At the bottom of this article, you’ll also find a list of some of our favorite flower recipes, most of which are drinks ranging from teas to fermented cordials.
However, another way we love to eat flowers is in salads. Flower salads can be as simple as adding a good homemade dressing to a bowl full of black locust flowers (which taste sort of like a cross between a pea and a sweet snap bean). Edible flowers can also be used to dress up the perfect seasonal mixed green salad or as their own mixed flower salad (with no greens).
Some people enjoy cooking flowers into recipes like pancakes. However, flowers tend to have such delicate flavors and textures that cooking them makes them disappear into the dish. So we generally recommend using edible flowers uncooked in recipes that allow them to be the star of the show or at least the supporting cast, not merely the extras.
Edible flower harvesting tips
On the note of flower delicacy: most flowers are about as ephemeral as anything you will ever harvest, e.g. they wilt quickly and don’t store long.
It’s best to harvest flowers either: a) in the morning, or b) on a cooler, overcast day. If you’re not going to use them immediately post-harvest, get them into a ziplock back with a lightly dampened paper towel and into your fridge asap.
We don’t rinse our edible flowers after harvest. Instead, we’re just careful to only harvest clean flowers and put them into a clean harvest container. However, certain dense flowers like dianthus and Solomon’s seal can take a rinsing without it negatively impacting their texture.
More delicate flowers like pansies and stridolo will have their texture negatively impacted by rinsing. You also risk rinsing away nectar (which provides sweet flavor) and pollen (which provides vitamins/trace nutrients), which is the primary reason we don’t rinse our flowers.
Hemlock, fir, spruce, and pine buds/tips – perfect flavor compliments to edible flowers
Yes, your Christmas tree is probably edible, although there’s a pretty good chance it was treated with fungicides and insecticides if it came from a commercial operation. See our edible conifer guide for identification, tips, and recipes!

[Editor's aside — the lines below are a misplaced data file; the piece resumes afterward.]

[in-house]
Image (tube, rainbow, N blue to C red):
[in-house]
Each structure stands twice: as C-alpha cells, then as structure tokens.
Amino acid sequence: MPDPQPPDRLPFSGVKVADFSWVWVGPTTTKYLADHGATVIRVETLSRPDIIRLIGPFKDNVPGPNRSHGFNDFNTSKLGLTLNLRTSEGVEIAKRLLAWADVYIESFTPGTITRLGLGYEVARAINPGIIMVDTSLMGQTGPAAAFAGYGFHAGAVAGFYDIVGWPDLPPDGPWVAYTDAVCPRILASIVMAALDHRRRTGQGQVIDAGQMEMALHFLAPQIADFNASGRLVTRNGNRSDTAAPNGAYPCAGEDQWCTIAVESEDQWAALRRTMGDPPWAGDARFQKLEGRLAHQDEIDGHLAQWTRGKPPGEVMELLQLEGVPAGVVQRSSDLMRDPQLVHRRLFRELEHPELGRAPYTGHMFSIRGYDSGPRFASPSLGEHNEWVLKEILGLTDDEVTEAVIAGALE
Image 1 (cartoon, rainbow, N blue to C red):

In spring, hemlock, spruce, fir, and pine trees all produce tender young leaf/needle buds, aka tips. While the older needles are also edible, the spring buds/tips are really the culinary highlights of these plants due to their tenderness and mild flavor. (Exception: if you have pine species that produce pine nuts, those are pretty hard to beat.)
Growth buds on all four types of trees have the potential for wonderful flavor, with complex notes of citrus and rosemary. There is quite a bit of flavor variability by species. Even individual trees within the same species can have some variability. (Related article: Spruce tips and cones – how to ID, harvest, and eat.)
Thankfully, we’ve scouted out excellent culinary evergreen trees near us so we can look forward to sustainably harvesting their buds each spring. General rules:
- Don’t harvest from young trees.
- Don’t harvest more than 1/4 of the buds/tips on a tree (even if you could reach them all)
- Harvest from lower branches, not the top of the tree.
Though each is unique, the tangy flavors of all four types of tree buds compliment the delicate, sweet flavor of edible flowers very well. You can either toss the delicate buds into your salad or use them to make a dressing. For the recipe in this article, we made an Eastern hemlock tree bud dressing with citrus and honey…
Warning: There are poisonous evergreens, too